Throngs of people gathered with a purpose: factions of college students, greying eccentrics, art aficionados and collectors all crossing paths in what is the 28th year the fair has been running at the business design centre in Angel.
The real point of the fair is to kick off the year for ‘globe-trotting collectors’ by gathering galleries, collections and curators from Britain and around the world in one place – but this doesn’t mean those of us without a few thousand to spare can’t enjoy the show.
There were hundreds, perhaps thousands, of pieces on display for public viewing, covering a scope of disciplines not often found localised to one building.
Art from big contemporary names such as Tracey Emin and Damien Hirst were up for grabs from Art Houses Austin Desmond and OTCA respectively.
An array of classical art featured in the main fair, including The Bather by Christopher ‘Kit’ Wood dated 1925, courtesy of the Jerwood Collection, who were the official partner of the event.
Screen prints from the likes of typographist Ben Eine made my day – certainly something I wasn’t expecting when I walked in.
There was also a huge selection of photography featured in the ‘Photo50’ section, curated by Federica Chicocchetti and including 13 artists working with photography in an exhibit titled ‘Feminine Masculine: On the Struggle and Fascination of Dealing with the Other Sex’.
I particularly enjoyed Laia Abril’s highly acclaimed ‘Tediousphilla’ – a somewhat harrowing look at the phenomenon of young couples offering on-demand sex performances online.Probably the most amusing piece on display was ‘Lord Byron’s Bong’, scheduled as an opium pipe owned and used by the famed poet, later found hidden under the floors of Trinity College, Cambridge, where he studied.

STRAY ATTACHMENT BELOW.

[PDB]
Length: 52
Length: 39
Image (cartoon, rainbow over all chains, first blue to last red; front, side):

The pipe was supposedly held in a private collection until being sold out of financial necessity at the fair for a cool £1.1 million, which was of course, absolute bullshit.
Byron’s Bong was in fact, a piece of art made by the Connor Brothers – a humorous dig at the art world that fooled many with its insouciance and charming audacity.
Whether it was actually sold for such an eye watering figure however, is unclear.
Politics and art are always synonymous and the fair this year was no different.
Marcus Harvey’s Tragic Historical Head was a show favourite, combining the heads of past philosophers and politicians in a mercurial amalgamation that presents itself as a satirical comment on Britain’s colonial past.Another political commentary central to the fair was again, from the infamous Connor Brothers, this time in the form of letters on headed paper from various governments, redacted hilariously to spell out whims like ‘let them eat KFC’.
There was far too much on display to cover here entirely, but the selection was good, accessible and didn’t feel art-snobbish as some of these events do.
According to the fair organisers there is a growing number of people buying art, providing confidence in the market – a notion supported by the sheer amount of people who showed up for this year’s fair and left with a new piece.
At a time when interest rates are nonexistent, saving money isn’t worth it for those looking to increase their wealth – people are looking for safe investments with equity that reap returns, and art seems to be paying.
Even those without financial backing are taking advantage of the art world in what is essentially a bull market – there were several companies offering finance on art for those ‘with a good eye’ at the fair, something I’d personally never seen before, but an interesting point and a sure sign of the growing confidence in art investment.
Overall the event was superb, if anything a little short considering its size – I was there for over three hours and I’m sure I didn’t see everything.
Alongside the art, and sadly one of my favourite parts was the opportunity to (finally) use an Oculus Rift VR headset, courtesy of the fair sponsors Lexus.
I don’t often use the word ‘weird’, but it was exactly that.
The London Art Fair returns next year.
Featured image by Elliott Haworth